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More on the Airplane Discharge

In comments here, Marko (who looks like a young Rutger Hauer – seriously check out the pic in the upper right) says:

You can lock and unlock the weapon without ever removing it from the holster, and the holster is designed so that the bar of the lock (or the handcuff, for cop use) goes behind the trigger, not in front of it.

The pilot in question removed the weapon from the holster and manipulated the trigger, thatís all. It didnít discharge by accident while he was trying to lock or unlock it. Iíve sold a few of the holsters in question, so Iím pretty confident about how they work.

Now, I’m not familiar with the holster in question and that may be correct. However, TSA’s policy of stowing the weapon adds unnecessary gun handling into the equation. And that is problematic. Additionally, the photo of the holster in question (seen here) looks to me like it is possible for the lock to come into contact with the trigger. The guy was stowing the weapon (which he was doing per this article) in accordance with policy. That’s an unnecessary bit of handling of a firearm. The only time the pilot should handle the gun is when it’s being drawn to fire. Otherwise, it should remain holstered and out of sight.

9 Responses to “More on the Airplane Discharge”

  1. Rustmeister Says:

    That’s what you get when people who know nothing about guns try to make policy concerning gun safety.

  2. drstrangegun Says:

    Hrmm.

    decocker HKs have small, slippery hammers. I wonder if the pilot was unloading for storage, dropped the magazine to unload, forgot about the round in the chamber, decocked with the trigger and slipped?

    That would seem to make sense but there would likely be an injury involved too, whacking the thumb hard with the slide…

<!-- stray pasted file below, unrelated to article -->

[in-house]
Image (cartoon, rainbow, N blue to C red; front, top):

3. Laughingdog Says:

    “The only time the pilot should handle the gun is when itís being drawn to fire.”

    I agree wholeheartedly with that. Despite Marko’s claim to know that the pilot believed “the approach into Charlotte would be a dandy time to play with his FFDO issue handgun”, no one really knows what happened. Maybe the holster isn’t as safe as some claim. Maybe the pilot just didn’t have the gun in the holster properly when he was putting the lock in place. Hell, if I thought I could be charged with a felony for not having that lock on when I left the cockpit, I’d probably do it early sometimes myself.

    Any policy, anywhere, that requires you to handle your firearm unnecessarily is dangerous. The gun store/range where I teach has signs all over saying that all weapons need to be holstered (good rule) with the action open and empty (stupid rule). I’m not going to risk a negligent discharge if they can’t even be bothered to provide some form of clearing station. I’ve even pointed out to them that, should someone be hurt by a ND when someone is trying to abide by their policy, the business is probably liable because the action was a direct result of their policy.

  4. drstrangegun Says:

    “The gun store/range where I teach has signs all over saying that all weapons need to be holstered (good rule) with the action open and empty (stupid rule). ”

    I hope you don’t mean CCA. Those are two seperate rules… the open/empty clause at CCA is only for guns that are out of the holster or case.

  5. chris Says:

    here is a link to the incident report from the charlotte airport

    http://media.charlotteobserver.com/smedia/2008/03/26/11/report0326.source.prod_affiliate.57.pdf

  6. SayUncle Says:

    interesting that no where in the incident report does it describe the incident. And that’s an awful lot of stuff blacked out.

  7. deadcenter Says:

    when i first saw that pic of that holster, I was positive it was a bit of creative photoshop. I should not have underestimated the stupidity of our government when it comes to flawed design.

  8. Laughingdog Says:

    “I hope you donít mean CCA. Those are two seperate rulesÖ the open/empty clause at CCA is only for guns that are out of the holster or case.”

    No. The sign at my range has nothing to do with concealed carry. They have a sign that says “All firearms must be holstered and unloaded with the action open”. Granted, the lord only knows what the owner may have intended for it to say, since the rest of his signs make it pretty clear that he has the writing skills of a second grader.

  9. JJR Says:

    Probably meant “or” not “and”, which would make a lot more sense.
    (re: gun store sign).

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